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Supporting Your Service Member: How can I support my family member who is coping with psychological health issues?

Download the TBI Guide for Caregivers of Service Members and Veterans

Traumatic experiences – such as receiving incoming fire or knowing someone who was seriously injured or killed – are common among service members deployed to hostile environments. These experiences can impact the lives of service members and their families upon their return. If your family member had such experiences while deployed, he or she is not alone.

Adults can help their family member by researching and understanding some of the stressors and emotions that a service member might experience while deployed. Family members’ most important role is to be genuine, loving and supportive. You and your family have many ways to get help, and there are some simple things you can do immediately to support your loved one.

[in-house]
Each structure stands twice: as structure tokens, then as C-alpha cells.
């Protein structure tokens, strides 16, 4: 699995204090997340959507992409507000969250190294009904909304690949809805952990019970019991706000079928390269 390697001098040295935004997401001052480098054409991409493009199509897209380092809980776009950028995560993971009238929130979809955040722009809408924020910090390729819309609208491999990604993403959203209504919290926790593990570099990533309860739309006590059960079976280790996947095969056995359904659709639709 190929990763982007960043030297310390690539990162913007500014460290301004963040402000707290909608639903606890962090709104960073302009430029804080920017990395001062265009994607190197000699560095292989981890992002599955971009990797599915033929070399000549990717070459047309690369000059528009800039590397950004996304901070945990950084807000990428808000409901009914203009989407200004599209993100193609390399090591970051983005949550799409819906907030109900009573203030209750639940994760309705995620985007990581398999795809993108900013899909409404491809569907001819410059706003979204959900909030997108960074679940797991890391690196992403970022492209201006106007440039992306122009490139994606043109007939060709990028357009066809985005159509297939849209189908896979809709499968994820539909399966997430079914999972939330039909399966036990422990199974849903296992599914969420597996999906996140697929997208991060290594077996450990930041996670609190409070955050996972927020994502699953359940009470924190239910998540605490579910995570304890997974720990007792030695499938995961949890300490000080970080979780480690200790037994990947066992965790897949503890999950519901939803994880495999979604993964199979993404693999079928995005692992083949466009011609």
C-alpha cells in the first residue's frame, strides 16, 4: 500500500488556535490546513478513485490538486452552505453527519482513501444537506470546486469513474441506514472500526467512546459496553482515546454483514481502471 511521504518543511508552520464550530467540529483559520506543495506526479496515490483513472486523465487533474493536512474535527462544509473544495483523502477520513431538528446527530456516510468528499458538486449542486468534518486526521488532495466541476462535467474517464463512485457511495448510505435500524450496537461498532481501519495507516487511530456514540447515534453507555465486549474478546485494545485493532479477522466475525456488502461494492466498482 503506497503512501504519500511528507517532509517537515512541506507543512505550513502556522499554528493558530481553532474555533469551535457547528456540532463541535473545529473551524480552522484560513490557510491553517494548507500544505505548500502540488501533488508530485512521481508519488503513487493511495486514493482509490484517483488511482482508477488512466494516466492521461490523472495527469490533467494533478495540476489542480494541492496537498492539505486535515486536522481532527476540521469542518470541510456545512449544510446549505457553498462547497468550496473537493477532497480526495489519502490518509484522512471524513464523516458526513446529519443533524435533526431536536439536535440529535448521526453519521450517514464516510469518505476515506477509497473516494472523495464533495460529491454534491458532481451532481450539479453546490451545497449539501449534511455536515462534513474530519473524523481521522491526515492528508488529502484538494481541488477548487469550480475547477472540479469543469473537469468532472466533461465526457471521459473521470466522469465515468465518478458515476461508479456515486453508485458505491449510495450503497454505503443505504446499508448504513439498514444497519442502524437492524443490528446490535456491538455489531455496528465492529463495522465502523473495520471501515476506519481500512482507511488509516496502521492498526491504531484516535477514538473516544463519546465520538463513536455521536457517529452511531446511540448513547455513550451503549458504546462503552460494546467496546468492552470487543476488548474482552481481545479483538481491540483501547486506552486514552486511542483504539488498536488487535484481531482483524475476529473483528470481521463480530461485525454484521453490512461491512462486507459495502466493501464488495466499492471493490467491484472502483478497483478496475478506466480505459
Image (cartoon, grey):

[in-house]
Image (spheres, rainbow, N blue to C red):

For more information, read "Supporting Your Service Member with Psychological Concerns" from the Real Warriors Campaign.

Individuals who sustain a TBI may experience short- and long-term effects, such as alterations in thinking, sensation, language, behavior, and emotions. Whether the TBI is mild, moderate, or severe, persistent symptoms can have a profound and persisting impact, not only on the injured survivor but also on those who function as caregivers. It is you, the caregiver, who must not only survive the immediate shock when a TBI occurs, but must also learn to support and aid the service member who experiences ongoing effects caused by this injury. Learn more in the TBI Family Caregiver Guide.